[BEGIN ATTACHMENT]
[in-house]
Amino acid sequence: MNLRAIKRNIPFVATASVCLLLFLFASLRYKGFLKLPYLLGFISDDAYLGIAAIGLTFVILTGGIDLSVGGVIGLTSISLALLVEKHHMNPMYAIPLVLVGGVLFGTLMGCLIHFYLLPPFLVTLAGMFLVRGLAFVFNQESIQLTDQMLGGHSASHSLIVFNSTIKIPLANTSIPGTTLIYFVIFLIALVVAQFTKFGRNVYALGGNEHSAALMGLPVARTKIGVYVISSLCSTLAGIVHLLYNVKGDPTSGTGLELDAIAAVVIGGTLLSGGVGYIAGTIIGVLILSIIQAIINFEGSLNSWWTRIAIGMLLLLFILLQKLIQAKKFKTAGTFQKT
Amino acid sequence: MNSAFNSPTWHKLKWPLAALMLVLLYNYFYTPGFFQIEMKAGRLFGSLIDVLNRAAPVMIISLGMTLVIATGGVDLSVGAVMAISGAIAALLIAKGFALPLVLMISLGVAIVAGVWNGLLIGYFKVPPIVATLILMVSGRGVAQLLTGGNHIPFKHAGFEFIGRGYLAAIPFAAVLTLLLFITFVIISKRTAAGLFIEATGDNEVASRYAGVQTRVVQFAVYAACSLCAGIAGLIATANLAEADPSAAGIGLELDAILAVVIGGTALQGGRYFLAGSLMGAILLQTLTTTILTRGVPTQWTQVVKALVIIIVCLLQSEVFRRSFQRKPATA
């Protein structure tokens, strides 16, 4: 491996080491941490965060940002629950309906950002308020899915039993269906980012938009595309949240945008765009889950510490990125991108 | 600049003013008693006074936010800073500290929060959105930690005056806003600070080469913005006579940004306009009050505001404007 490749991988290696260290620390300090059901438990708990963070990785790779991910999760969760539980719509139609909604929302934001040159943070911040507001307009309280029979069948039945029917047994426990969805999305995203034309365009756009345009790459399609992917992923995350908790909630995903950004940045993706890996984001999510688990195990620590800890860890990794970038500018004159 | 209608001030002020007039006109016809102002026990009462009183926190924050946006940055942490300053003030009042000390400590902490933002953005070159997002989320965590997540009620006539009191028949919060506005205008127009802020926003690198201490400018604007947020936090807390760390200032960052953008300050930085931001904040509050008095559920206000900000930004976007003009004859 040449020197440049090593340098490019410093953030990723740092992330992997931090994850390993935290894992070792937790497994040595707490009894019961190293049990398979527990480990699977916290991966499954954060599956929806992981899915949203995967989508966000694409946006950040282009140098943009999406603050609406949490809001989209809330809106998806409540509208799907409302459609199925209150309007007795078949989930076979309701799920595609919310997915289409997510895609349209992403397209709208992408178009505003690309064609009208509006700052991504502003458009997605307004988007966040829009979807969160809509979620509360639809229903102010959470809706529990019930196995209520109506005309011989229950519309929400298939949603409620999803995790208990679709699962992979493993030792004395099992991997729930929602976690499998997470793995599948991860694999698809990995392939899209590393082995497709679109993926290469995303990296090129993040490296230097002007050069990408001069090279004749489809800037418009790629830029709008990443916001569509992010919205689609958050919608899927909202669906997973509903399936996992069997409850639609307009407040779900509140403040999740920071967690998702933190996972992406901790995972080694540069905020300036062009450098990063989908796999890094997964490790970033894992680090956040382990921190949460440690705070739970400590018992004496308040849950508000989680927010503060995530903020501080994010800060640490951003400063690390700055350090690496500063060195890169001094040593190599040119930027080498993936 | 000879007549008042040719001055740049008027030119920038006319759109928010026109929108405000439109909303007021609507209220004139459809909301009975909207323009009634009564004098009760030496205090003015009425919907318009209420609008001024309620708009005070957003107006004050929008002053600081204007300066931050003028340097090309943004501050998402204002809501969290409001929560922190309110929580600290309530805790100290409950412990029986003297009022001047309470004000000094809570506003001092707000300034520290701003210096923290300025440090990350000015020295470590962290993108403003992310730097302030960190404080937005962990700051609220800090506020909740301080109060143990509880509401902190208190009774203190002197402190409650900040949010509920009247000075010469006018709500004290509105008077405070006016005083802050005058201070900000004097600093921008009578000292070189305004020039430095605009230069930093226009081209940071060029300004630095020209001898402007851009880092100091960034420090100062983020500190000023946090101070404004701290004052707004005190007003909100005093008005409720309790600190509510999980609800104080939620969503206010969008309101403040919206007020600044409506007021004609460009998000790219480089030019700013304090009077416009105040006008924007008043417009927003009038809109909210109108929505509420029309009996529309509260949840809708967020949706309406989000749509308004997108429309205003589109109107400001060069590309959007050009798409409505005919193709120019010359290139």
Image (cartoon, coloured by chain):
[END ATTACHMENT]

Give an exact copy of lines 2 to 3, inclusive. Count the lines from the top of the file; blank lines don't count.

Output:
Amino acid sequence: MNLRAIKRNIPFVATASVCLLLFLFASLRYKGFLKLPYLLGFISDDAYLGIAAIGLTFVILTGGIDLSVGGVIGLTSISLALLVEKHHMNPMYAIPLVLVGGVLFGTLMGCLIHFYLLPPFLVTLAGMFLVRGLAFVFNQESIQLTDQMLGGHSASHSLIVFNSTIKIPLANTSIPGTTLIYFVIFLIALVVAQFTKFGRNVYALGGNEHSAALMGLPVARTKIGVYVISSLCSTLAGIVHLLYNVKGDPTSGTGLELDAIAAVVIGGTLLSGGVGYIAGTIIGVLILSIIQAIINFEGSLNSWWTRIAIGMLLLLFILLQKLIQAKKFKTAGTFQKT
Amino acid sequence: MNSAFNSPTWHKLKWPLAALMLVLLYNYFYTPGFFQIEMKAGRLFGSLIDVLNRAAPVMIISLGMTLVIATGGVDLSVGAVMAISGAIAALLIAKGFALPLVLMISLGVAIVAGVWNGLLIGYFKVPPIVATLILMVSGRGVAQLLTGGNHIPFKHAGFEFIGRGYLAAIPFAAVLTLLLFITFVIISKRTAAGLFIEATGDNEVASRYAGVQTRVVQFAVYAACSLCAGIAGLIATANLAEADPSAAGIGLELDAILAVVIGGTALQGGRYFLAGSLMGAILLQTLTTTILTRGVPTQWTQVVKALVIIIVCLLQSEVFRRSFQRKPATA